2004 Denver Annual Meeting (November 7–10, 2004)

Paper No. 13
Presentation Time: 1:30 PM-5:30 PM


WEAVER, Jean N., U.S. Geol Survey, 12201 Sunrise Valley Drive, Reston, VA 20192, LABSON, Victor F., U.S. Geol Survey, P.O. Box 25046, MS 964, Federal Center, Denver, CO 80225 and GRAY, John E., U.S. Geol Survey, P.O. Box 25046, MS 973, Denver, CO 80225, jweaver@usgs.gov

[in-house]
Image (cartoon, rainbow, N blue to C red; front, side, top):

Total Hg and methyl-Hg concentrations were measured in mine wastes, stream sediments, and surface waters in the Brownsweg area, Suriname, to evaluate Hg contamination around active small-scale artisanal Au mines. Methyl-Hg is a water soluble Hg compound toxic to living organisms, which biomagnifies in food chains. Artisanal Au mining in Suriname is poorly regulated and monitored, but is estimated to produce about 10-20 t of Au per year from the activity of as many as 60,000 miners. Gold in Suriname is found primarily in highly-weathered quartz veins in rocks of the Guiana Precambrian Shield. As a result of the use of Hg-Au amalgamation practices during mining, there is significant loss of Hg into tropical ecosystems. Estimates suggest that about 1-3 kg of Hg is lost for every kg of Au recovered. There is also deforestation, soil degradation, and extensive river silting due to small-scale Au mining. Mine-waste and soil in areas surrounding small-scale Au mines is primarily composed of clay- and quartz-rich saprolite, which is typical of tropical climates. Mine waste and stream sediment within 100 m of active mining contain the highest total Hg concentrations (103-150 ng/g), which greatly exceed Hg in sediment from regional baseline sites (5.5-14 ng/g). Similarly, concentrations of methyl-Hg (0.19-1.4 ng/g) are significantly higher in sediment from active mining areas when compared to methyl-Hg in sediment from uncontaminated baseline sites (<0.02-0.032 ng/g). Unfiltered surface water runoff from active and abandoned Au mines contains as much as 930 ng Hg/L, which significantly exceeds the 12 ng Hg/L standard recommended by the U.S. EPA to protect against chronic effects to aquatic life. Stream water downstream from mines is weakly acidic (pH 5.2-6.7) and highly turbid (as much as 1,000 turbidity units). Downstream transport of Hg is most significant in areas with highly turbid water indicating that Hg is absorbed onto particulate clay. These Hg results are similar to those found near artisanal Au mines in the Amazon Basin where Hg contamination has led to adverse effects to tropical ecosystems. Our results suggest that artisanal Au mining throughout Suriname poses potential health threats to humans and aquatic wildlife, especially fish and shellfish.